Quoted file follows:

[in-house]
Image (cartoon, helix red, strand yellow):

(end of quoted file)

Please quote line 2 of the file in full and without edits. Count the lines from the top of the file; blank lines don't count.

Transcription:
Image (cartoon, helix red, strand yellow):